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Moyse Charas (1619, Uzès, Gard - 1698) was an apothocary in France during the reign of Louis XIV who became famous for publishing compendiums of medication formulas, many of which had been kept secret for centuries so that the makers could maintain a monopoly over ancient formulas.[1]

Pharmacopée Royale Galénique et Chymique, first published in 1676, was the best-known of Charas' works and was the first medical book from Europe translated into Chinese. A medication included in his formulary was theriac which was first made popular by the Greeks as an antidote to animal bites and disseminated over the Silk Route. The formula for theriac included as many as 600 separate ingredients and was kept secret for over seventeen centuries. Another medication included in Charas' publication was orvietan. Charas is considered an important figure in the history of the dissemination of medical knowledge.[1]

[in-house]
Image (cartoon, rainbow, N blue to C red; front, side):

Charas was inducted as member of the Academie Des Sciences (the French Academy of Sciences) in 1692 at the age of 73. As well as the publishing of his works, he had enjoyed a distinguished career as a lecturer in Chemistry. He was an expert in areas such poisons, antidotes, opium, and viperidae.[2] There is evidence that his nomination and acceptance into the Academie Des Sciences was based on the importance of his publications on pharmacology rather than on his credentials as a scientific researcher, contrary to the usual practice of the day.[3]

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